How can the WorryWoos help?
"Far more than an ordinary plush toy, the Woos personify feelings that really reach inside the hearts of traumatized children. From feeling lonely, to worried, to confused, children have identified with them in powerful ways which have created magical moments in my play therapy interventions. As non-threatening visual representations of their most intense feelings, each story helps to show that it is not about making feelings disappear, but about managing these emotions in a healthy way."
- Cherie Sephar, LCSW
Prop-Based Intervention Tools
Woos work and play wonderfully as a prop-based intervention upon which to focus a theme in directive play therapy, normalize feelings of aloneness, frustration, worry, and fear, and help a child externalize specific worries
Bring Woos to your aid when trying to assist clients in making friends with their worries. Often, kids are overwhelmed and scared of the feelings that are a part of them. Using the Woos as a friendly, non-threatening embodiment of these projected parts of them assists children in normalization, validation, and integration
Woos contributes to the creation of a “Safe Space and Place” when a child enters the playroom
WorryWoos are excellent tools for sensory soothing
The Woos can provide a sensory experience that directly relates to the feelings and themes of the trauma experience
Woos can support the concept of pendulation in trauma work, demonstrating positive representations of worry within the discomfort they create
Rather than fearing their worries, Woos help kids understand they are protective steps, that they make sense, and how they can be helped
Woos connect children to expansive themes like medical issues, trauma, attachment, anxiety, frustration, anger, and fears
The Woo stories offer terrific scenarios for kids that blend humor, connection, and ways to gently identify. Their themes are rich with content to guide a child into the idea of a feeling without too much intensity, establishing themes to which a child can connect without traumatization.
Integrate your WorryWoo collection for creative interventions that you can develop and tailor to your needs such as:
Acting out story scenarios
Having the child create their own personal Woo
Creating a dialogue between Woos about specific therapeutic issues
Engaging the Woos as participants and partners in the child’s therapeutic process (for example, one of my clients sought Squeek’s silent advice before doing any new activity until she felt safe enough to go on)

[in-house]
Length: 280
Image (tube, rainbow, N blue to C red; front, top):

Using the Woos to serve as aids for creating new narratives and understanding the meaning of distressing events
What Does the Data Say?
“Using the WorryWoos is not a leap of faith - it is grounded in outstanding research findings.”
In 2018 a large and intensive research study into the effectiveness of the WorryWoos was commissioned in Australia. Over 1000 children between the ages of 5 and 8 were pre and post-tested on their SEL levels. In summary, these were the key findings.
There was a significant improvement (p<0.01) in pro-social behaviors on the highly respected, validated and reliable measure of emotional and social well-being Strengths and Difficulties Questionnaire (SDQ)
There were significantly less difficulties (p<0.01) reported on the conduct problems scale, hyperactivity problems scale, peer problems scale, emotional problems scale, internalizing difficulties, externalizing difficulties and total problems on the SDQ post data analysis
There was a significant improvement (p<0.01) in overall ability to understand and manage emotional difficulties on Dr. John’s Developing Emotional Intelligence Questionnaire (DEIQ)
Hello. First of all, I love the worry woos!!!! I am a therapist at an inpatient children's hospital. Almost all of my patients love the plushies and borrow them at night. They read the books and tell me they identify with different characters. They are truly one of my favorite things to have in my office as I see such a great response. Many of my clients have negative thoughts about themselves and the world they are trying to overcome. I work on teaching them how to look for the good in life. My kids absolutely love and identify with the characters--which says a lot because I work with preteens who can be somewhat skeptical of things. Thank you so much for this resource!!!
— Misty Wilcox, LCSW —